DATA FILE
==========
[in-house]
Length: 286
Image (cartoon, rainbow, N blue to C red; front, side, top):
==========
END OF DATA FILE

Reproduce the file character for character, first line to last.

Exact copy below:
[in-house]
Length: 286
Image (cartoon, rainbow, N blue to C red; front, side, top):